Intervention Research On Health Literacy among Ageing population”

Health literacy has turned out to be a key component in preserving independence and health in old age. In this European project more than 20 partners pursue the goal of addressing those health literacy needs in older people and professionals working with them. IROHLA focuses on improving health literacy for the ageing population in Europe by improving competencies and empowerment of older adults and providing innovative tools for services. It aims to identify promising health literacy programs and projects. Knowledge and experience of programs in other sectors (e.g. private and social sectors) will be applied to the health sector. Systematic searches, interviews and an online survey are conducted to find best-practice interventions and projects.

Health psychologist Professor Dr. Sonia Lippke and her team were searching for social programs which do not only equip the elderly with new knowledge or new skills but also teach them how to change behaviors or even set off social political changes. Almost 600 experts were invited to participate in a survey on promising programs and we received responses from 265 people. On 76 interventions further information was provided. We were able to identify interventions from Austria, Australia, Belgium, Bulgaria, Finland, France, Germany, Greece, Italy, Latvia, the Netherlands, Poland, Portugal, Spain, Sweden, the UK, and the United States. To name only two promising examples:


AGES 2.0

Social isolation is a growing problem among the older population but social media can be a way out of this. AGES 2.0 offers a creative solution to foster social participation in elderly residential and community-based care residents.

The project focuses on Activating and Guiding the Engagement of Seniors through social media (AGES) and is an experiment aimed at testing the efficiency of an Internet and social networks (i.e. 2.0) training program. Two countries are involved in the project, Italy and the UK.

The objective of this project is to determine how social media can be used more successfully to facilitate social inclusion and to establish the effect of such participation on personal identity, cognitive ability and well-being. Computer literacy combined with social competence can be the key to success in the matter of social inclusion – it will be exciting to follow the progress of the project.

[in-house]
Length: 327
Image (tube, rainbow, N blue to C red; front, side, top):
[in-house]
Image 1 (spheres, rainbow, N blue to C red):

Have a look at the AGES 2.0 website for further information:



Did you know that one in six people have literacy difficulties in Ireland? The National Adult Literacy Agency (NALA) took this challenge as an inspiration to improve the well-being of older adults. NALA’s aim is to improve the literacy and numeracy difficulties in the Irish population. Thus, the main goal of the project is to encourage them to fully take part in the society and pursue learning to meet their daily needs.

Usually, older adults feel discouraged to study at their age. Through literacy campaigns, NALA encourages those older adults to return to education by calling the NALA freephone support line. Independently from their social and economic background, older adults have the opportunity to actively learn in long distance courses provided by NALA. A lot of people have also reached this freephone support line in order to help as tutors. Currently, there are a total of 4,000 volunteers helping in the adult literacy courses. Do you want to know more about how to help or be helped? If so, you will enjoy visiting the NALA website:

In addition, NALA also targets the government. It is fundamental to reach the government policies in order to make large achievements. That is why NALA is also involved in research, to provide evidence to the policy makers and politicians of the best approaches to deal with literacy and life skills.


Other projects can be found on the IROHLA website: 029

The project evaluates existing initiatives in different sectors. In the end we will present a set of 20 interventions, which together constitute a comprehensive approach for addressing health literacy needs of the ageing population in Europe. Evidence-based guidelines for policy and practice for local, regional and national government authorities to start action will be derived from the results.

The project involves representatives of the ageing population, academia, all levels of governments, the business community and other stakeholders to ensure the feasibility, usefulness and effectiveness of the selected interventions.

Funding is provided by the European Commission within the FP 7 framework. The kick off meeting took place in December 2012 in Groningen. The project will run until 2015 with eight different work packages of which one is led by Jacobs University Bremen. Moreover, Sonia Lippke is involved in three further work packages and member of the Executive Board of IROHLA. The project manager is Juliane Paech, heavily involved in different activities in WP 5 and 6.

See also:

You can subscribe to the IROHLA newsletter to follow the workflow in the project itself and related initiatives:

Further information can be found here:

Berlin_Bremen_OktEnd 141